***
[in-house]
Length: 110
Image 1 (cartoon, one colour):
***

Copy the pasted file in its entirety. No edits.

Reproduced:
[in-house]
Length: 110
Image 1 (cartoon, one colour):